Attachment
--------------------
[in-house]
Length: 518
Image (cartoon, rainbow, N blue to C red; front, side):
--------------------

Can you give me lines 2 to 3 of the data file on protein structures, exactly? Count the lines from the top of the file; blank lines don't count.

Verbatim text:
Length: 518
Image (cartoon, rainbow, N blue to C red; front, side):